The second part of my reading strategy is to have individual kids read books associated with their particular reading levels. Each month they write reports on these books.

By guiding the students and helping them overcome their insecurities, I help even my lowest-achieving students gain confidence. They are being challenged in an environment that combines a push for excellence with a nurturing, positive mentor. Last year all of my students who came to me with a rating of “far below basic” passed their basic reading proficiency tests at the end of the year.



Middle and High School Teachers


One of the misconceptions young people have today is that reading is something we study only during English class. This notion is absurd and must be countered. I’ve found that one of the best ways to do this is for all teachers to start book clubs. Where is it written that math or science teachers should not be reading role models for their students?

I’ve seen any number of marvelous science, history, and physical education teachers run book clubs. They select a good book and give all the kids in their various classes the option of reading it. Most of these clubs have scheduled meetings, often during the lunch hour or after school. After completing a chapter, the group meets to discuss it. The students participate voluntarily, so the teacher is working with enthusiastic young people. The kids get to meet like-minded peers from other classes whom they might not have gotten to know otherwise. Friendships are formed. The teacher bonds with young scholars in a different environment, which strengthens the teacher-student relationship in the classroom. It is a superb way for all involved to spend a couple of hours a week. Everyone wins. It’s reading for all the right reasons.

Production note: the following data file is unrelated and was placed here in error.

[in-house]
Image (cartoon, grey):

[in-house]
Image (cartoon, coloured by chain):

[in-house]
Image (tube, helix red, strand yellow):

Parents can do the same thing at home. Some have a family reading hour, while others ask everyone to read, say, chapter 2 of Great Expectations by dinner on Thursday. Our children need to have adults constantly reading and discussing books with them. We need to be the people we want our children to become.

Making Things Relevant


I am constantly astonished to hear the range of reasons why students are reading what they’re reading: “My teacher assigned it because it’s on the list.” “There are questions on the test that refer to this book.” “I need to read this to pass the course.” All of these far-too-frequent answers fall wide of the mark in terms of why we want our children to be readers.

Young people who read for pleasure are able to make connections with the world around them and eventually grow to understand themselves on levels they never thought possible. They make associations between characters and situations that can shape their own decisions. When my ten-year-old students performed both parts of Henry IV in one night, many cynics questioned their ability to find meaning in the antics of Prince Hal and Falstaff. The children knew better. In scrutinizing Prince Hal’s struggle to find honor in a dishonorable world, they learned something about how to approach their own struggles in the cafeteria and on the playground.